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The Gift Guide for the Dad Who Says He Wants Nothing But Definitely Doesn’t Mean It

Don’t tell us, you need a gift for a father who views asking his kids for physical items as a weakness but is unable to express this because he’s never been to therapy? We’ve got you covered

The fathers who say they want nothing for the holidays may mean it — they surely see themselves as men of their word. But that doesn’t mean they don’t want to be recognized. Or better put, they want you to intrinsically understand that they want to be recognized without having to tell you that they want to be recognized — an implied surprise as opposed to a demand, which is supposed to result in good holiday cheer for all involved. 

This, though, means you also must intuit what they’re gonna want. There are, of course, the stereotypical dad gifts (ties, whiskey, anything from Home Depot). And then there are the gifts that everyone gets him based on his best-known hobbies (golf balls, more whiskey, anything bearing the logo of his favorite sports team). But if you’re gonna go to the trouble of getting the man who says he wants nothing, something, you can do better than that.

Here’s how much better per these suggestions from the MEL staff…

National Parks Pass 

There are many Types of Dads, but if yours falls somewhere in the intersection between Outdoorsy Dad and Frugal Father, he’ll love a National Parks Pass. For only $80, your old man can point at eagles in almost any national park in the country — for a full year — and the pass covers up to four other adults if they’re in the same car. It also covers RVs and motorhomes, as well as people traveling together on separate motorcycles. 

Considering that one-time park entrance fees can cost anywhere from $20 and $35 per vehicle — and that annual passes are honored at over 2,000 sites managed by the Forest Service, National Park Service, Fish and Wildlife Service, Bureau of Land Management and the U.S. Army Corps of Engineers — it’s safe to say it’s a screamin’ deal. Seniors over 62 get an even bigger discount — an annual pass for silver foxes is just $20. You can buy them online or at the entrance station to any park. 

Let me just illustrate how much dads love these things: I bought one of these for my boyfriend’s father a few Christmases ago, but he already had one. He was so tickled at the prospect of saving tens of dollars in park entrance fees that he treated himself to an annual pass months earlier, and had already used it several times. That said, I got points for knowing exactly what he wanted, which was cool. I know you, bro! I see you! I patted myself on the head approvingly about it in private. — Isabelle Kohn, Senior Editor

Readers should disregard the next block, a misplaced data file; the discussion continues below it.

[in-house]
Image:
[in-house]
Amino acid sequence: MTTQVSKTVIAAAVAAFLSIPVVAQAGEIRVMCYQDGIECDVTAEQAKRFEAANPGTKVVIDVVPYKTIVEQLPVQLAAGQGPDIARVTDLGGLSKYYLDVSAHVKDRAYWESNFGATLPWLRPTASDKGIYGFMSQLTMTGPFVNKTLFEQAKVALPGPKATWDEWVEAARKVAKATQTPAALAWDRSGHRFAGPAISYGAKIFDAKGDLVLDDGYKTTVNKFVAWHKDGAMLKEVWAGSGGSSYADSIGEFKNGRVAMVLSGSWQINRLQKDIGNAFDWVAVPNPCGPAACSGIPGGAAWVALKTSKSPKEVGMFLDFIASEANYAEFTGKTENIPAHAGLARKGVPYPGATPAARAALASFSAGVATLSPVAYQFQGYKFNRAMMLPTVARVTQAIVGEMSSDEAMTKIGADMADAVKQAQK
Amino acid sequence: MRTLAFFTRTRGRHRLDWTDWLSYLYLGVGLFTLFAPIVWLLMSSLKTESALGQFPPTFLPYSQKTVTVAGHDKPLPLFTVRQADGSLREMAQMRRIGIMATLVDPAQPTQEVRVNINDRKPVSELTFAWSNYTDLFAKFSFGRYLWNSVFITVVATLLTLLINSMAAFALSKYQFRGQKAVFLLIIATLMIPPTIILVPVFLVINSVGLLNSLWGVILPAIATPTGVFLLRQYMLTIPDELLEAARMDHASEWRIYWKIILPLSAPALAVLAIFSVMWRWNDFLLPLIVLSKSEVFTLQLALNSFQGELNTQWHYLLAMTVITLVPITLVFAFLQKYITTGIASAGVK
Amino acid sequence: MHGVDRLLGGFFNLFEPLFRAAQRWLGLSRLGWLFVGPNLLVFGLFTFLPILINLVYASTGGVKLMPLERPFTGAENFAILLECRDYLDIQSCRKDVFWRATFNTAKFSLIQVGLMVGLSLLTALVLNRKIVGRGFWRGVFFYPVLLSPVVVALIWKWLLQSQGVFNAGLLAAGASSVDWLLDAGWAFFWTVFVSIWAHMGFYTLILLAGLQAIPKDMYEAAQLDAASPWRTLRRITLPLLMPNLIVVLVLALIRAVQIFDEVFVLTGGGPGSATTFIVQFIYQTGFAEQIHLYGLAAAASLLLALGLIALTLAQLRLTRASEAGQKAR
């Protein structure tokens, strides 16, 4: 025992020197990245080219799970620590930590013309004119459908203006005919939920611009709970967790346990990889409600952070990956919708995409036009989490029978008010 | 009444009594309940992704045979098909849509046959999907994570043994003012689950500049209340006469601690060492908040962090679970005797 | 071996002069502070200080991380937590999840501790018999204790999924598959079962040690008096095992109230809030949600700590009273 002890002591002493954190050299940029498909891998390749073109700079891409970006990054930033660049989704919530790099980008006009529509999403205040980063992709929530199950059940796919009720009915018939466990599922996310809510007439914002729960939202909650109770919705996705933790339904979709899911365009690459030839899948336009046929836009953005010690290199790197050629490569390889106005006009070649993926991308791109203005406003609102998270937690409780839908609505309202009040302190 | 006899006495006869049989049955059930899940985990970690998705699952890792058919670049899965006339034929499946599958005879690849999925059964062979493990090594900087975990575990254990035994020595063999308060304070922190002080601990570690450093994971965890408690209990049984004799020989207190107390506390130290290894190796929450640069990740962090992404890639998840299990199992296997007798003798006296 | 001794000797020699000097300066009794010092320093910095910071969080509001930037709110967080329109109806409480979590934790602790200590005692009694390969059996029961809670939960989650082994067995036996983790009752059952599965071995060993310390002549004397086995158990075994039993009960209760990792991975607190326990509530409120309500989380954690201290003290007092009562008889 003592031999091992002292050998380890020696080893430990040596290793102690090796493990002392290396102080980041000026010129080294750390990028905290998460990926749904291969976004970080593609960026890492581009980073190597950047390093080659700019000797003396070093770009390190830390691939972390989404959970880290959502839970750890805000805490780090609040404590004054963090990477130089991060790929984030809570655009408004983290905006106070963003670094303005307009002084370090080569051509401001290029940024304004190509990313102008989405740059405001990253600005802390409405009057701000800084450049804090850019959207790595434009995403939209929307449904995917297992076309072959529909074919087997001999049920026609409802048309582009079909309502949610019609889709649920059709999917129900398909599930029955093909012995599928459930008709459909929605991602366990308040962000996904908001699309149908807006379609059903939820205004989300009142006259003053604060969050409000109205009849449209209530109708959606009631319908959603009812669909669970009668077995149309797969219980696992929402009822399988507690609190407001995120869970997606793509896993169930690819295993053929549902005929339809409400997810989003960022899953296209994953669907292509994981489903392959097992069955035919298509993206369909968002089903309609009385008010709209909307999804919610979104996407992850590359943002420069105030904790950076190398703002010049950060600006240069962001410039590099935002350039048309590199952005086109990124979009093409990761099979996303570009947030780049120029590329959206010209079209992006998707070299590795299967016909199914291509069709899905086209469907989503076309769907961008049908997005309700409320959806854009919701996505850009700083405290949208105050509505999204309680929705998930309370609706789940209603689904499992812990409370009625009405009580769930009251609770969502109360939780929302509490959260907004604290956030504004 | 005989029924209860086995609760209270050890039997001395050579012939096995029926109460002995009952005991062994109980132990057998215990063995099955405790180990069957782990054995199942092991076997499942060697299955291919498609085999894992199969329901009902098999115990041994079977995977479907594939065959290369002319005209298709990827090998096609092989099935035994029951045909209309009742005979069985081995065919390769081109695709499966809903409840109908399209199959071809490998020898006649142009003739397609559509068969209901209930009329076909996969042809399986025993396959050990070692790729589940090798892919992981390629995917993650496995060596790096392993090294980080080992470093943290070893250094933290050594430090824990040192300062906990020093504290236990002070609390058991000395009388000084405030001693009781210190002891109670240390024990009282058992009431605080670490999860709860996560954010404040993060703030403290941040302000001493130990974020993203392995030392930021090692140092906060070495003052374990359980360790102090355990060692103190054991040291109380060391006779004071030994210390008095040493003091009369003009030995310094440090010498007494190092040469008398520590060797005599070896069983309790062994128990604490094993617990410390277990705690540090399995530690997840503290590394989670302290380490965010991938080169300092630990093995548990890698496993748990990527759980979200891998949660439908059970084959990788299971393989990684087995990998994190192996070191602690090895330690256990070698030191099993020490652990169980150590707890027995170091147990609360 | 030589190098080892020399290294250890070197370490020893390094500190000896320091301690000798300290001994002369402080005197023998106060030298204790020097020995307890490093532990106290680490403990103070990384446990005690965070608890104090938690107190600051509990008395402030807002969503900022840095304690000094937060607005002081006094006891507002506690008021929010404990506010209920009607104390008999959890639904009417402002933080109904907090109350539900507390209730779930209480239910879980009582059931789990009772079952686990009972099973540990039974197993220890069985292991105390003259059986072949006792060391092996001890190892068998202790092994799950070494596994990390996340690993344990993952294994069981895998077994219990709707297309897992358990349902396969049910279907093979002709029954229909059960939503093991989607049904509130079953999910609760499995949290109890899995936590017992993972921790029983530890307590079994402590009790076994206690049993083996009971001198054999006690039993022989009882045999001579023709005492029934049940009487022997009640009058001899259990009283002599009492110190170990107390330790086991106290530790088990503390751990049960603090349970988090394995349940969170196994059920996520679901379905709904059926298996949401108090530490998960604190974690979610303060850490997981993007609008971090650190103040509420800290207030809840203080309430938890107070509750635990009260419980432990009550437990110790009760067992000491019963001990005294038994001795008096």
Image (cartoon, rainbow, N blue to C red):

New Luggage 

My folks are transitioning into retirement, and before the pandemic, they were traveling quite a bit — to Portugal, Ireland, all these beautiful places they’d wanted to see forever. I suspect they undertook this wondrous travel with beat-up suitcases they bought in the early 1990s. 

Nothing wrong with being thrifty (how do you think they saved up for those trips!), but for the dad who wants to see the world, a luggage upgrade could be the ultimate practical present. He already wants to get to the airport three hours before boarding, so imagine how early he’ll be to show off a smart carry-on or duffel bag from Monos. And their Metro Sling is the tactical take on the fanny pack that can simplify any vacation.

By the way, have you noticed that dads love the challenge of packing as efficiently as possible? It’s like they’re playing Tetris. The luggage brand BAGAIL sells a set of packing cubes for organizing and compressing the stuff in your suitcase, the closest thing to having an actual set of drawers in there. Bet you even the TSA will be impressed. — Miles Klee, Staff Writer   

Body Moisturizer 

During the two years I worked at Lush, a high-street cosmetics store, I learned a valuable lesson: Even the burliest bros secretly love so-called “girly” shit. These DL dudes would sidle up to me surreptitiously, lowering their voices to quietly ask which products were best for their girlfriends. Within minutes, they’d be telling me about their oily T-zones and begging me to test out multicolored bath bombs.

My mom’s boyfriend is a great example. He might be a bald-headed, tatted-up builder, but for the last few years he’s been sneaking huge dollops of my mom’s glittery, candy-pink Lush Snow Fairy Shower Gel. Like an iridescent chunk of unicorn poop, the scent is an homage to those extra-sweet, tooth-breaking hard candies –– and my mom’s buff boyfriend still can’t get enough. So this year, we’re buying him a bottle of his own.

He might not admit it –– he might not even know it yet –– but the dad who wants nothing probably can’t resist a homemade pamper hamper, either. Fresh, citrusy body scrubs are great for active guys desperate to sand away the day’s dirt, whereas Lush’s Kalamazoo Beard Wash is a soft, pineapple-scented way to ease even the most masculine dudes into skincare. The same goes for the aforementioned crazy, colorful bath bombs, and a luxurious bath soak that’s sure to ease his aching muscles.

Choose well enough, and the dad who wants nothing could well be sneaking into his local cosmetics store to replenish his stash long after Santa has emptied his sack. — Jake Hall, Contributing Writer

Baoding Balls